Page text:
How To Advertise: How To Develop Your
Advertising Position Strategy

by Tom Egelhoff

Author Tom EgelhoffHere's a great example of Positioning from the book Positioning: The Battle for Your Mind: Al Ries, Jack Trout, Philip Kotler

A History Lesson

Who was the first person to fly solo across the Atlantic Ocean. Answer: Charles Lindberg.

Do you know the second person to accomplish that feat? That would be the household name of Bert Hinkler. Never heard of him?

I guess if you didn't know the second person there is no way you'll know the third. But, chances are you probably do. Amelia Earhart.

This is all great Tom but what does it have to do with positioning my small business? Here's your answer.

Was Amelia the third person to fly solo across the Atlantic of the first woman? The second, fifth, seventy-fifth to do it are all unknown because they are all in the "men" category.

She is in a category away from all her competitors and is as well known as the leader. Are you beginning to get the picture?


Who's Your Real Market?

In order to properly position your product, business or service you must look at the following steps:

If we were going to market a candy bar, who is our market?

A candy bar is a snack, source of energy, a reward to kids, in some cases a substitute for a meal.

Some chocolates are advertised as fat free. Candy could be a health food.

As a result it can be positioned in many different ways in many different markets.

This first step is to find all the possible needs your business, product, or service fills.

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Who Are Your Real Competitors?

Who are the real competitors of McDonald's?

Burger King and Wendy's of course, but what about Pizza Hut, Arby's, Dairy Queen, Subway?

Other hamburger places are direct competitors and other types of foods could be considered secondary competitors.

McDonald's tried, unsuccessfully, to introduce us to adult foods with their Arch Deluxe sandwich line.

Trying to move away from what and who you are is never a good idea.

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How Do Consumers Evaluate Their Options?

Once you know this, positioning is a simple process. Customers who have problems are looking for products and services that will fill their needs.

How they evaluate you and your competition is the real key to positioning.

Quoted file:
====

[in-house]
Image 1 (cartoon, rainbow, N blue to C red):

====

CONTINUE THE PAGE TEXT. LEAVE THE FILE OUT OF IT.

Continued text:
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How Are Your Competitors Perceived In The Marketplace?

Kraft Foods is a good example here. They're primarily know for cheese but try to enter other markets.

For example: Jams and Jellies. Number one brand, Smucker s -- Not Kraft.

Mayonnaise. Number one brand, Hellman's - Not Kraft.

Their best brand, 80% of the market, Philadelphia Cream Cheese. They have done an excellent job of positioning their cream cheese. They are perceived as the best in this category.

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Where Are The Gaps?

The Sharper Image catalog came along in the late 70's - early 80's featuring upscale, trendy, expensive gift ideas primarily for men in executive positions.

This was truly a gap that was not being filled by other merchants.

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Plan your work and work your plan.

Once the position is decided upon, every piece of literature, every TV ad, newspaper, whatever must reinforce that position in the mind of the consumer.

Tell them where it is, how much it is, why its worth the price, and how to get it.

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Watch What Happens

Evaluate the positioning plan and get feedback as often as possible from as many sources as possible. Monitor and adjust as needed as the market changes.

Would you buy any of the following:

Ivory Shampoo, Life Savers Gum, Bic Pantyhose, Chanel For Men, Coors Water, Adidas Cologne, Pierre Cardin Wine, or Levi's Shoes.

All were on the market at one time or another. Don't make the same mistake in your business. Create a position you can stand on and take a stand.

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